Wampanoag wm?p?n??g [key]
, confederation of Native North Americans whose language belongs to the Algonquian branch of the Algonquian-Wakashan linguistic stock (see Native American languages
). In the early 17th cent. they occupied the region extending E from Narragansett Bay to the Atlantic Ocean, including Nantucket and Martha's Vineyard. The Wampanoag were sometimes referred to as the Pokanoket, from the name of their principal village. When the Pilgrims settled (1620) at Plymouth, the Wampanoag, although reduced by the pestilence of 1617, were powerful, living in some 30 villages. Their chief, Massasoit
, was very friendly to the settlers. His son, Metacom (Philip), however, was the central figure of the deadliest war with the colonists, King Philip's War
(1675). The victory of the English brought ruin to the tribe. The Wampanoag were harried almost out of existence, the remnant consolidating with the Saconnet. However, in 1990 there were over 2,000 Wampanoag living in the United States, most of them in Massachusetts. The Wampanoag were of the Eastern Woodlands culture area (see under Natives, North American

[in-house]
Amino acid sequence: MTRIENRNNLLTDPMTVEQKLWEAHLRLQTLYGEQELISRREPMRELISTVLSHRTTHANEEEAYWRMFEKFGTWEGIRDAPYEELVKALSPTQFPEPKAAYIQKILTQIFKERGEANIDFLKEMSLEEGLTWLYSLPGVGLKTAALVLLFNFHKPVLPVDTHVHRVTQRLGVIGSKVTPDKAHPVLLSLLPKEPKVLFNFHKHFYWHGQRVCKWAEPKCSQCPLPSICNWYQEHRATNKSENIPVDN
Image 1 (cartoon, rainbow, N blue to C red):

See M. A. Travers, The Wampanoag Indian Federation of the Algonquian Nation (rev. ed. 1961).
The Columbia Electronic Encyclopedia, 6th ed. Copyright 2012, Columbia University Press. All rights reserved.
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